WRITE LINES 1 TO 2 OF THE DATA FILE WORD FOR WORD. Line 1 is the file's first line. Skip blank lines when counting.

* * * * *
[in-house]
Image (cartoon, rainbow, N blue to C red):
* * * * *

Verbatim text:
[in-house]
Image (cartoon, rainbow, N blue to C red):